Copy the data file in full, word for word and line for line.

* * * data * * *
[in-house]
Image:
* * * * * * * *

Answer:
[in-house]
Image: